Do you have a client that has a colorful array of items for sale or services and content that may be deemed visually pleasing? Were you upset when they sunset Google image ads? If your answer to any of those items was “yes,” then you may be interested in learning more about Google’s mobile visual sitelinks.
Whether or not you have a specific mobile strategy for your client, these may be appropriate for you to roll out. Because, let’s face it: the fact that you run on mobile at all is strategy enough nowadays. Using visual sitelinks is a very easy way to enhance your current sitelink extensions which show on mobile search engine results pages, and it helps you take up a good deal of results page real estate.
It is fairly easy to get started. First, you need to make sure you are opted in to this feature. You can check by looking under the “Labs” tab in the AdWords UI. If you see a “Visual Sitelinks” option, you are in business! If you don’t, you need to start nagging your Google rep ASAP. When you are opted in, all you need from the client are the images. The specifications which Google provides for images are straightforward:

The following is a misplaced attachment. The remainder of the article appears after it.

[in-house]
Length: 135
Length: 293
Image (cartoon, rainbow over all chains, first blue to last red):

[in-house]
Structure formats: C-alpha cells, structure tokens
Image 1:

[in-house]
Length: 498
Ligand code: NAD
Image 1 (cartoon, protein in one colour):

- JPG or PNG
- 16:9 aspect ratio
- Max file size: 5MB
- Color Space RGB
- No logos, overlays or collages
After you get these images from the client, it is ALL on you. Mobile sitelinks work very similarly to regular sitelinks, and several of the same copy guidelines and rules will apply. You still can’t use the same landing page more than once (reminder: this includes whatever is being used as the keyword’s final URL). The biggest difference is that instead of two description lines with 35-character limits, you have one description with a limit of 50 characters. Title character limit is still 25. More importantly, you also should make sure that the titles and descriptions you’re writing are relevant to the image itself. You can’t say “Check Out Our Solutions for Office Efficiency” and have it run with an image of a hammock between two palm trees on a remote tropical island. It’s wishful thinking AND your extension will be disapproved.
Other than that, I’d say it is a safe bet to use the same best practices you’d use when launching anything: Relevance is the key. Strong associations between the image you use, your sitelink title and description, the search keyword which triggered it and your landing page content will only serve to help your visual sitelinks serve more often.
We completed a seven-month study testing the effectiveness of mobile visual sitelinks on an e-commerce client. This is a new and innovative tech company that has recently bolstered up their branding both offline and on. It should be noted that, for this study, we only looked at orders and not revenue.
Here are a couple general observations we noticed during this study about mobile visual sitelinks and how Google AdWords has adjusted the way they serve and report on the performance over that time span.